Flood insurance and understanding your risk
Following the widespread flood damage left behind after Hurricane Sandy, more businesses are looking to purchase government flood insurance through the National Flood Insurance Program. According to industry experts, many companies rely solely on the commercial market to buy insurance and don’t realize the benefits of participating in the program. Those who do purchase additional NFIP coverage, however, can use it to help reduce large deductibles associated with commercial flood policies.
The NFIP allows non-residential businesses to purchase up to $500,000 in building and $500,000 in contents coverage, while residential businesses can purchase up to $250,000 in building and $100,000 in contents coverage. According to the agency, the average commercial flood claim over the past 5 years has been close to $75,000. Out of the 5.5 million policies it issues, the NFIP advised only 283,000 are non-residential (5.1%). However, given the record flood damage following last month’s storm, that number is likely to rise.
Properties insured by the NFIP are rated according to flood zones, geographic areas that the NFIP and FEMA defines based on varying levels of flood risk. FEMA has placed over 20,000 communities into various zones, which are depicted on a community’s Flood Insurance Rate Map (FIRM) or Flood Hazard Boundary Map. Each zone reflects the severity or type of flooding in the area, which also determines the premium rate for the each community.
Flood Zone Identification
While all properties are assigned to a zone, the real question concerns whether or not a property falls into a dangerous or expensive flood zone. The easiest way to picture this is as concentric circles like the example below.
- 100 Year Flood Zone – FEMA and the NFIP have used a number of names to refer to this zone over the years. Any location which is identified by FEMA as having a 1% change of being flooded in any given year fits within this description. For example, over the course of a 30-year mortgage, a property would have a 26% chance of flooding at least once during that time period. The NFIP currently uses the flood zone prefixes of A & V to describe any location within this area. You will see the V zone prefix more commonly along the ocean, as it signifies an additional Velocity hazard (generally you can think of this as storm surge or wave action). The letter A indicates (usually, but not always) properties relatively close to water. Common notations that refer to the 100 year floodplain (or a subsection of it) are: A, AE, A1-A30, A99, AH, AR, V, VE, Base Flood, & SFHA (Special Flood Hazard Area). Insurers in the private market generally exclude coverage for locations in this zone.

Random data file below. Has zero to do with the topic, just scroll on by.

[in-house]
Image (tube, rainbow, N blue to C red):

- 500 Year Flood zone – FEMA & the NFIP have used a number of names to refer to this zone over the years as well, but this refers to any location that has a .2%-1% chance of being flooded in any given year. Common notations that refer to the 500 year floodplain are: X-500 & X-Shaded. Insurers in the private market generally will exclude coverage for locations in this zone, but can be pushed to include coverage for the right price.
- X Flood zone – This refers to any location with less than a .2% chance of annual flooding. Insurers in the private market will usually provide coverage in this zone at standard rates.
Finding your zone – There are many online tools to available that can determine flood zones for individual properties. Users can enter their address into these programs and see the corresponding point on a map. Unfortunately, there are problems with using these tools, since the results do not accurately reflect the actual size of the building or property.
It is important to note that the NFIP defines a building as being within the SFHA if any portion of the building falls within its boundaries. In the example below, the mapping software shows the inputted address as being in zone X. However, upon review of the aerial photo, it’s clear that the “spotted point” is on top of a boat in this person’s backyard, and the edge of the actual SFHA runs directly through their living room. As a result, this building is considered to be completely within the SFHA based on FEMA & NFIP calculations.
The challenge of accurately identifying the correct flood zone a building lies in becomes even greater when using these tools to identify flood zones for office parks, malls, manufacturing facilities, and other large properties. While a property may show up in a certain zone on the online map, the actual building roofline may extend hundreds or thousands of feet from that point and fall into the SFHA. These discrepancies can lead to coverage and sub-limit disputes between insurers and property owners. A famous example of this type of case is the Oprey Mills Mall in Tennessee, which flooded in May 2010. The mall owners claimed they did not know that the property was subject to their policy’s $50M SFHA sublimit, and believed the location had access to a $200M limit. On the other hand, the insurers say they notified the mall owners several times in advance that two-thirds of the mall was in a SFHA and fell under the $50M sub-limit. The mall finally re-opened this year, but the legal battle for both parties has yet to conclude.
Businesses should also remember that banks require companies to purchase flood insurance in order to issue a government-backed loans for properties within a SFHA. For additional information on NFIP Coverage, click here.
About the Author
Seamus King is an Assistant Vice President and the National Flood Insurance Program (NFIP) resource for WGA. He focuses on complex placements with catastrophic exposures.